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and Layout | Excavation
Options | Subrough
Plumbing & HVAC | Dampproofing,
Waterproofing and Window Wells | Water
and Sewer Laterals | Foundation
Drain, Backfill and Rough Grade |
The foundation is the part of the structure that contacts
the earth. It must be capable of holding the structure,
and prevent excessive settlement. The house structure
is attached to the foundation. Foundations today are
generally made of concrete, or CMU (cement masonry
units or cement blocks). Almost all foundations are
reinforced with steel bar called rebar.
In the past foundations were made of bricks, stone
and wood. Recreational home built in the mountains
or on the beach are often constructed on pier foundations.
There are four popular types of foundations that are
used: Basements, crawlspaces, Monolithic slab and
stem wall slab. Your choice of foundation will
depend on climate, use, and budget and building traditions
in your area.
Basements are most often built in cold weather climates
such as the Northeast, Midwest and Rocky Mountains.
The footings in these colder climates need to be below
the frost line which is fairly deep in these areas.
Basements provide the cheapest square footage in most
The upfront cost of basements is high, but the cost
of the square feet that is gained is comparatively
inexpensive. Check your area for basements. If basements
are popular in your area, not having one may make
your home harder to sell. There are three types of
basements standard, walkout and daylight. Standard
basements are not accessable by the outside and don't
have exposed basement walls. Daylight basements have
one or more walls exposed, and are typically built
on hillsides. Walkout basements have access via an
exterior door and staircase to the outside. The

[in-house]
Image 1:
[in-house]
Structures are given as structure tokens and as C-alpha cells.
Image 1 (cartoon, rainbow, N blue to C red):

typical critical path schedule for basements is: Footings,
foundation, sub-rough plumbing and heating, backfill,
basement slab, framing.
Crawlspace is more popular in moderate climates such
as the Pacific Northwest, the mid-Atlantic coast.
The footings are placed below the frost line, and
a stem wall is placed on top of the footing. The sub-floor
structure is placed on top of the foundation. The
typical critical path schedule for crawlspaces is:
plumbing, backfill, framing and HVAC (note: subfloor
plumbing and HVAC can be done after floor framing
Slabs are most common in warmer areas such as Florida,
Arizona, California and Texas. Since there is often
a shallow frost line, or no frost line at all the
footings and slab can be poured right on top of the
ground. The footings and slab can often be poured
at the same time. When the footings and slab are poured
together it is called a monolithic slab.
Slabs are the quickest and cheapest foundation because
they require less labor, skill and materials cost.
The typical critical path schedule for monopours:
sub-rough plumbing and heating, backfill (or bagging
in some areas) pour slab and framing.Form
Where a slab is desired for cost savings or otherwise
in a cold climate a stem wall/slab foundation is the
choice. The footings and foundation are constructed
like a crawlspace foundation. Fill is placed inside
the foundation and is compacted. The slab is then
poured. Sand bags are used ocassionally instead of
fill. The typical critical path runs as follows:
Footings, foundation, plumbing, HVAC backfill, pour
slab and framing.
Order our customizable
schedule for your project!